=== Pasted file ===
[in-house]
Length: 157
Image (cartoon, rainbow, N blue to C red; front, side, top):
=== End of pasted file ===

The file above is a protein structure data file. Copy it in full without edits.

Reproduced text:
[in-house]
Length: 157
Image (cartoon, rainbow, N blue to C red; front, side, top):